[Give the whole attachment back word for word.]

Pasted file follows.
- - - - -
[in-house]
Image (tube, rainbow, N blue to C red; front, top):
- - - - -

[in-house]
Image (tube, rainbow, N blue to C red; front, top):